Compact Binos


Mr. 7mm
Full Member
Dec 10, 2010
I am searching for compact binos...I think...

I want a smallish/light bino that won't take up much room in my pack, that I can take hunting, as well as use for finding targets in tactical matches. I would also like to simply have a quality bino that is just "convenient" to own, and to take with me whenever it would be nice to have a pair handy.
I have several questions about these:

1. What magnification should I consider? I understand that less mag (with small objectives) is going to provide a better FOV, and light transmission. 7 or 8X seems like it would strike a good balance with small obj's, but I see that 10X is a popular choice. When glassing for targets through a riflescope, it always seems that I find myself on 6-8X. Even 10X gives up some ability to see the "whole" picture.

2. What size objectives should I consider? Based on form factor alone, I feel I'm in the market for less than 30mm. I see many models on the market in the 25-28mm zone, and they come in at 12oz or less. Then I see some models with 20mm objs…the Leicas weight 8oz. Nikon has a peculiar little pair of 7x15s that weight 4oz. Because I intend to pack them, and hump the pack many miles (10-15/day), the weight is important to me…

3. How much performance am I going to give up, compared to a pair of excellent 8x42 or 10x42s? I understand optics fundamentals, and maintaining magnification while decreasing (a LOT) obj size that lowlight performance is going to decrease. I also understand the “eyebox” will be small for high-power/small obj glass. I guess my key point here is: Are the compact binos disappointing? Do you end up spending a lot of money for “so-so” performance or can I expect good solid performance from them? I’m not expecting sniper observer type performance from them. How “compact” can I go and still have an excellent pair of binos?

4. One of the models I have my eye on are the Minox 7x28 IF. They have permanent primary focus, and are intended to set the individual eyepieces to your eyes once, and can then focus well on anything from 40m-infinity. On some of the bino forums out there, people really bitch about that characteristic because it forgoes the ability to focus on anything closer than 40m, but I’m to understand this provides better depth of view. I can’t foresee a need for me to focus on things up close like birds and butterflies. Plus, for a bino that will be used to find steel targets or critters scattered across the countryside, having everything in the sight picture in focus at the same time seems like an advantage….?? On the flipside however, I understand that NOTHING will be as crisp/clear as it otherwise could have been if specifically focused on. Thoughts?

5. Doug at CameraLand really advocated either the Minox 7x28IF or the Leica 8x20 Ultravids or Trinovids. He said the Minox glass is as good as Leica. He said the only real advantage to the Leicas is 4oz less weight, and more magnification, but at the cost of a small eyebox and less lowlight performance (to be expected). Opinions on these two choices? Any other models I should be looking at?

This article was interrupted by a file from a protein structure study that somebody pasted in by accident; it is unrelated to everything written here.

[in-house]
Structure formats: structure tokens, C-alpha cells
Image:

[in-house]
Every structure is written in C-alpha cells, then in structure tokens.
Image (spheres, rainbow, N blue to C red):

Full Member
May 12, 2010
Re: Compact Binos

Alpen has some 10x25 compact binoculars. I forgot the model. But it has double hinge. very clear and bright for a 25mm glass


Full Member
Apr 4, 2011
Re: Compact Binos

if you want to use it for hunting, you want to be able to also see close to dusk/dawn, so i'd recommend a diameter of 40mm for compact binos.

on the magnification: 8, max 10. as you pointed out, 8 gives a nice field of view and 10 is an advantage if you want to see hits/small objects. 10 is, from my experience, the upper end of what you can hold with your hands stable enough to enjoy looking through it.


Gunny Sergeant
Full Member
Mar 16, 2010
Re: Compact Binos

I have some Stieners that are pretty small. I think they are the 30mm with reticle.

Niles Coyote

Gunny Sergeant
Full Member
  • Aug 13, 2007
    South West, MI
    Re: Compact Binos


    I had an 8x30 swaro and now a 6.5x32 vortex fury (bought the fury for the wide field squirrel hunting). Both work well when the sun is up, however things get hard to see in that last/first hour of hunting light. Personally I would not get a bino below 36mm if those are important times for you. Most of my use is hunting and in Michigan I have grown to prefer low powers 6.5x or 7x but I also hunt in open areas in Montana where 8x will work (which is what I use) but 10x would be nice.

    As for what you will give up too a 42mm.

    From experience with the 8x30’s I can see much more detail in shadows and past legal hunting hours with the 42mm (8x42mm vortex vipers, non HD), very noticeably more detail. Now I have an 8x50mm swaro slc that puts those to shame in low light and shadows but at a cost of weight, but I can practically see in the dark with them especially if it’s a clear night.